New Year's Eve

How to Turn a Solo New Year's Eve Into a Party for One

Alone for New Year's this year? Same. Here's how I'm celebrating.

December 26, 2019
Photo by Bobbi Lin

A solo New Year’s Eve presents an unexpectedly wonderful opportunity. Because for one special evening, it’s all about you—no matter what anyone says. All. About. You.

I will be celebrating a solitary New Year’s Eve myself this year, far from friends and family. Here’s my recipe for making it a great one.

1. First and foremost, cook yourself something delicious.

No takeout or packaged meals scrounged from the depths of your freezer! I’ll be making my peanut-coconut chicken because it’s rich and creamy, faintly spicy, and pretty much irresistible. Also, it will be divine served with some bubbles, because of course I plan to pop a cork.

2. Pour yourself a glass of your favorite drink.

That celebratory popping sound is so emblematic of New Year’s Eve that I can’t imagine missing it, and personally I’d rather have bubbles early and switch to a good whiskey later. But you can give yourself permission to drink whatever, whenever, because New Year’s Eve is like that. Your party, your rules.

3. Pick a playlist.

It should be music that promises a good balance of nostalgia, romance, meditation, and yes, at least one song that always makes you cry. It’s possible you personally won’t shed a tear, but I know I will want to. Looking back can be hard, with rocky and regrettable patches peppering even the sweetest of years. On New Year’s Eve I try to say goodbye to those disappointments, let them go over a glass of good wine and a handkerchief, and then begin to look hopefully ahead. This is serious business and requires a soundtrack.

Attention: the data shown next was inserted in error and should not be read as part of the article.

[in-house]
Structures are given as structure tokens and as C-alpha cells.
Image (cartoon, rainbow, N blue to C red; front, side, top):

4. Decide what to wear.

Sparkles? Yoga pants? A fancy dress or bow tie? Penguin pajamas? Motorcycle leathers? Tiger slippers and a football jersey? No one’s going to see you, but you are definitely allowed and encouraged to admire yourself in the mirror.

5. Arrange to have nibbles (on top of dinner).

New Year’s Eve is a long event, and snacks are needed to make it all the way through. I don’t always make it to midnight myself, but when I do, snacks fortify me for the long haul. Oysters, marshmallows, wasabi-flavored potato chips, your favorite dip and dippables, French cheese and pâté, red licorice, chips and salsa, leftover Christmas cookies—or all of the above, whatever you fancy.

6. Dessert is tricky when dining alone.

If you make a fancy dessert, then you’ll have to eat the whole thing or finish it later. Unless you truly love eating ice cream right out of the carton, I suggest that you go to the bakery and buy the most beautiful single-portion dessert you can find. Get the one you wouldn’t buy just for yourself on any other night of the year. Or if you’re like me, get the runniest, most pungent cheese you can find; no one will be there to pretend-gag and make lame jokes about old socks. When it’s time, go ahead and eat your chosen treat with your fingers. Lick them thoroughly.